Sunday, January 10, 2010

Mus et Rana (Trinity)

SOURCE: This poem was composed by the anonymous "Trinity Master" who published a lovely little book in 1852 setting Latin fables in prose side-by-side with his verse compositions; read the book at Google Books. This is poem 4 in the collection. This version of the battle between the frog and the mouse, with a battle and weapons, can be seen in modern fable collections, like the one illustrated by Francis Barlow (see below).

READ OUT LOUD. Choose which marked text you prefer to practice with - macrons in verse form, or macrons in prose order, or accent marks in prose order, or focusing on the meter. You will find materials for all of these options below. :-)


VERSE MACRONS. Here is the verse text with macrons:

Horrida cum Rānā Mūs ōlim bella gerēbat;
Praemia bellōrum rēgna palūdis erant.
Iamque diū pugnant; vehemēns certāmen et anceps:
Tractaque erant longā bella propinqua morā.
Callidus in stipulīs latuit Mūs; inde parāvit
Īnsidiās; cōram cuspide Rāna petit.
Iuncea cuspis erat bellantibus. Exitus illīs
Stat tamen in dubiō; dēnique fīnis adest.
Scīlicet incautōs commūnis ab aethere cernit
Hostis; et approperāns Milvus utrumque rapit.


PROSE MACRONS. Here is the same text with macrons written out in prose word order:

Ōlim Mūs cum Rānā bella horrida gerēbat; praemia bellōrum rēgna palūdis erant. Et iam diū pugnant: certāmen vehemēns et anceps erat, et bella propinqua erant, morā longā tracta. Mūs callidus in stipulīs latuit; inde īnsidiās parāvit. Cōram, Rāna Murem cuspide petit; bellantibus iuncea cuspis erat. Exitus tamen illīs in dubiō stat; dēnique fīnis adest: scīlicet Milvus, hostis commūnis, ab aethere incautōs cernit et, approperāns, utrumque rapit.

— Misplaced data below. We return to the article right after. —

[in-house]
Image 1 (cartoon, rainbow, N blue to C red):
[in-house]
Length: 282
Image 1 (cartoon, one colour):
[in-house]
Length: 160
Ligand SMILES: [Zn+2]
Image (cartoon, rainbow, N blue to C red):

STRESS (ACCENT) MARKS. Here is the prose text with accents, plus some color-coding for the words of three or more syllables (blue: penultimate stress; red: antepenultimate stress):

Olim Mus cum Rana bella hórrida gerébat; praémia bellórum regna palúdis erant. Et iam diu pugnant: certámen véhemens et anceps erat, et bella propínqua erant, mora longa tracta. Mus cállidus in stípulis látuit; inde insídias parávit. Coram, Rana Murem cúspide petit; bellántibus iúncea cuspis erat. Éxitus tamen illis in dúbio stat; dénique finis adest: scílicet Milvus, hostis commúnis, ab aéthere incaútos cernit et, appróperans, utrúmque rapit.


ELEGIAC COUPLET METER. Below I have used an interpunct dot · to indicate the metrical elements in each line, and a double line || to indicate the hemistichs of the pentameter line.

Horrida· cum Rā·nā Mūs· ōlim· bella ge·rēbat;
Praemia· bellō·rum || rēgna pa·lūdis e·rant.
Iamque di·ū pug·nant vehe·mēns cer·tāmen et· anceps
Tractaqu~ e·rant lon·gā || bella pro·pinqua mo·rā.
Callidus· in stipu·līs latu·it Mūs;· inde pa·rāvit
Īnsidi·ās; cō·ram || cuspide· Rāna pe·tit.
Iuncea· cuspis e·rat bel·lantibus.· Exitus· illīs
Stat tamen· in dubi·ō; || dēnique· fīnis ad·est.
Scīlicet· incau·tōs com·mūnis a·b aethere· cernit
Hostis; et· apprope·rāns || Milvus u·trumque ra·pit.


IMAGE. Here is the illustration of the fable by Francis Barlow:


What follows is an unmarked version of the prose rendering to faciliate word searches:
Olim Mus cum Rana bella horrida gerebat; praemia bellorum regna paludis erant. Et iam diu pugnant: certamen vehemens et anceps erat, et bella propinqua erant, mora longa tracta. Mus callidus in stipulis latuit; inde insidias paravit. Coram, Rana Murem cuspide petit; bellantibus iuncea cuspis erat. Exitus tamen illis in dubio stat; denique finis adest: scilicet Milvus, hostis communis, ab aethere incautos cernit et, approperans, utrumque rapit.

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